Contrariwise, it is “the social function which is realized through a thing [that] gives this thing a particular social character, a determined social form, a ‘determination of form’ (Formbestimmtheit), as Marx frequently wrote.”30 Marx’s remonstrations against those political economists who, in Rubin’s terms, cannot see the “social forms” lying “beneath” the “technical functions in the process of material production” are legion. Historical materialism is predicated on the rejection of the spontaneous materialism of the political economists. This is the impetus behind such seemingly anti-materialist declarations as this famous passage from Volume 1 of Capital: “The value of commodities is the very opposite of the coarse materiality of their substance, not an atom of matter enters into its composition.”31 The critique of “materialism” is also a key methodological postulate in Volume 2, for instance in Marx’s sardonic attempts on those who think that fixed capital, for instance, should be “fixed” in a common-sensically material sense of the term. This is how political economists go astray:
Firstly, certain properties that characterize the means of labour materially are made into direct properties of fixed capital, e.g. physical immobility, such as that of a house. But it is always easy to show that other means of labour, which are also as such fixed capital, ships for example, have the opposite property, i.e. physical mobility. Alternatively, the formal economic characteristic that arises from the circulation of value is confused with a concrete [dinglich] property; as if things, which are never capital at all in themselves, could already in themselves and by nature be capital in a definite form, fixed or circulating.32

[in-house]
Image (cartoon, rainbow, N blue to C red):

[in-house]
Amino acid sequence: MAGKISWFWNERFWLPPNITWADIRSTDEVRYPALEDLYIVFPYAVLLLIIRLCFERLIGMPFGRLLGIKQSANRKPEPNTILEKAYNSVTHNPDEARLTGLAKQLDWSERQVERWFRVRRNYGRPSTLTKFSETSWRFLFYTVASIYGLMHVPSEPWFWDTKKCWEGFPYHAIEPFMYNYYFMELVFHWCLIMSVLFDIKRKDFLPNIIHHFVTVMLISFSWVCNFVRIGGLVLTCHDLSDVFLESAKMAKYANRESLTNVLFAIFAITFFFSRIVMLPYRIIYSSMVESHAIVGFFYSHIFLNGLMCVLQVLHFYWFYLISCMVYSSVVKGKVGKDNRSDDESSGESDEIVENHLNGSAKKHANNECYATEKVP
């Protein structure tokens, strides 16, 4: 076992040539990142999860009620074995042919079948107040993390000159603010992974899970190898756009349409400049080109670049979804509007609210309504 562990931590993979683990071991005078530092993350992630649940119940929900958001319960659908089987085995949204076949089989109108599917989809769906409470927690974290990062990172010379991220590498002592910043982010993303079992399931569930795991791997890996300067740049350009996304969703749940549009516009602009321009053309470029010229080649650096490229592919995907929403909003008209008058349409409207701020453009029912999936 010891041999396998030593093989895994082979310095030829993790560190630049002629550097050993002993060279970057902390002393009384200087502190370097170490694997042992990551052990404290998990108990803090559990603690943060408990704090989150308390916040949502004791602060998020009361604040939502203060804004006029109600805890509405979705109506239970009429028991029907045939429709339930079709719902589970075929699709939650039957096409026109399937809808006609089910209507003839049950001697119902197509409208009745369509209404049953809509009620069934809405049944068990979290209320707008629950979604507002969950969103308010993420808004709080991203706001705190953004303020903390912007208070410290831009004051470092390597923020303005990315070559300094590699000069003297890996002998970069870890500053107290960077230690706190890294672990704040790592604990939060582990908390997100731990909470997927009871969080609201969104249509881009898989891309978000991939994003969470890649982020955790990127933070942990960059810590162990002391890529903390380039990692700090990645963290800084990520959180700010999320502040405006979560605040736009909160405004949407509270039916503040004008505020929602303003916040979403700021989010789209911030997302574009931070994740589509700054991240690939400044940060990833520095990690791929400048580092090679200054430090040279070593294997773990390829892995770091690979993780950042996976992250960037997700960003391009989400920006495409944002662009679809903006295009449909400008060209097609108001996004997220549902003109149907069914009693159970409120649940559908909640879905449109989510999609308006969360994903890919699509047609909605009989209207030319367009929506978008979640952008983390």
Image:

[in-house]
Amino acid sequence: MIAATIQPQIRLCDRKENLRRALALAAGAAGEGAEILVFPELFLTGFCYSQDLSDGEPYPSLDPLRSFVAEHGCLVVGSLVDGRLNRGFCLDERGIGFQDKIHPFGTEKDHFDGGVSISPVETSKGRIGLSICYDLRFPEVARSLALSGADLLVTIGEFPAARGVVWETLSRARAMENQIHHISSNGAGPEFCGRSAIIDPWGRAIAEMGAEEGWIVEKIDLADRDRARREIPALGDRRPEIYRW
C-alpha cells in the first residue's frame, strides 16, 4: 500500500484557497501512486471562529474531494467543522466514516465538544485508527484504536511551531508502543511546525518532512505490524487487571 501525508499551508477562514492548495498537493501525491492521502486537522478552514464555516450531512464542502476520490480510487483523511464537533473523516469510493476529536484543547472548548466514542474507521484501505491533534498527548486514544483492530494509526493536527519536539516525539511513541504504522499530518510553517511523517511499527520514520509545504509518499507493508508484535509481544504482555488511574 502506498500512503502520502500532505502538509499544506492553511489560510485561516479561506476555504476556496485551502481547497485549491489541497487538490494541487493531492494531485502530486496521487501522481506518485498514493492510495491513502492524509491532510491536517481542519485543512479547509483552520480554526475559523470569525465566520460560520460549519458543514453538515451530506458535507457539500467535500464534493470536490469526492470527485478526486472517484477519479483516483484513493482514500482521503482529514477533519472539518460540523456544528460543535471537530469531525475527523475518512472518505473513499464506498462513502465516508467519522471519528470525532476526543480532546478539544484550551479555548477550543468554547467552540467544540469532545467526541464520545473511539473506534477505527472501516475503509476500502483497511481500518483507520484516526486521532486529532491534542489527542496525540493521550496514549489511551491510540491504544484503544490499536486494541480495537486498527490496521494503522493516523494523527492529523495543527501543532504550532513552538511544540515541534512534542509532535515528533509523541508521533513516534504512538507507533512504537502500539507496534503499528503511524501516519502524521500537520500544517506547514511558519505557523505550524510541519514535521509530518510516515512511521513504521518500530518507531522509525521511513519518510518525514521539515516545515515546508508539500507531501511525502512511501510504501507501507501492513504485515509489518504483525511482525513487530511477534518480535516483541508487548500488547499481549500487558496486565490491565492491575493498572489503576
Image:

What’s more, those ships (say the new mega-containers lumbering their way onto the market and demanding huge outlays of public finances on the construction of the corresponding ports) may themselves be best understood as financial assets and not just physical capitals or commodities. What happens then if we consider the question of circulation less literally? And what would it mean to struggle not simply against material flows but against the social forms that channel them? Can we think of different types of struggle in terms of how they map onto the various meanings of circulation mentioned above?